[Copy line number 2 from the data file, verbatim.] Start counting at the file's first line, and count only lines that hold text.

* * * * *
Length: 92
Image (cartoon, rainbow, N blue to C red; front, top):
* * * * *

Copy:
Image (cartoon, rainbow, N blue to C red; front, top):